England are not the first team in World Cup history to have had an unusually attractive route through the tournament - in 2002 Germany made it to the final after facing Paraguay, the United States and South Korea in the knockout stages.

In Russia England negotiated group games against Tunisia (ranked 21st in the world) and Panama (55th), but their first meeting against one of the tournament favourites ended in defeat, albeit they and Belgium made a combined 17 changes for a game with little at stake.

The bonus of finishing second in Group G was that England avoided the likes of Brazil and France, while Spain’s shock loss to Russia meant they entered the quarter-finals as the only previous World Cup winner in their half of the draw.

In their first knockout game England came up against Colombia - ranked 16th - but even then fortune appeared to be on their side, as their opponents were forced to play without injured star forward James Rodriguez, the Golden Boot winner at the 2014 World Cup.

England went through on penalties after a 1-1 draw - their first World Cup shootout win.

That was followed by a routine 2-0 quarter-final victory over a limited Sweden, who are 24th in the world. Then in Croatia (ranked 20th) they faced arguably the only world-class players they came up against - outside the Belgium game they lost - and were knocked out in extra time.

So is that a series of results which represents an overachievement for the second youngest squad at the tournament? Or was it par for the course?

Did England get lucky with injuries?

No praying for metatarsals, no oxygen chambers. For once, England’s World Cup was largely free of injury drama.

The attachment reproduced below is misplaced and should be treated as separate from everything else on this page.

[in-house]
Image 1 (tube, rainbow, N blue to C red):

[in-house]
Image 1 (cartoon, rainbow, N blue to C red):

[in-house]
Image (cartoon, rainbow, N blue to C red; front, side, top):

Discounting the Belgium game which saw a raft of changes, Southgate was able to name the same starting XI in four of the five other matches. The only other change he made saw Loftus-Cheek start instead of the injured Dele Alli against Panama.

Alli returned for the knockout stages, while Jamie Vardy was the only other player to suffer an injury which would have put his participation in doubt, and he was not a first-choice starter.

No players were suspended during the World Cup, with Fabian Delph missing the Colombia match so he could be with his wife for the birth of their daughter.

Whether that fitness record was down to luck or sound preparation and preventative work by the medical team, it was a rare instance of England playing at a major tournament with all of their key players at peak fitness.

But, ultimately, it was not enough to take them to the final.

So how should we view this team?

BBC’s pundits all agree the future is bright for this England team.

“This bunch of players have brought the nation together and the fans haven’t sung like this for years,” said former defender Rio Ferdinand. “We wanted this team to come out with an identity and a philosophy of playing, and I think they have done that.”

Ex-striker Alan Shearer said: “We said before the tournament that if they gave absolutely everything in every game, everyone at home would be happy.

“There are so many positives to take out of the tournament. We did not expect to get to the quarters and will go home after this with our heads held high. Finishing third would be excellent.

“After being embarrassed by Iceland to this, being applauded off, that is brilliant progress and something to work to. Well done guys, you have given us plenty to shout about.”

And perhaps that positive mindset and reconnection with fans is the biggest takeaway.

So rather than look too hard at what has gone by, England should just heed what Kyle Walker said: “We might live in a time where sometimes it’s easier to be negative than positive, or to divide than to unite but England: let’s keep this unity alive. I love you.”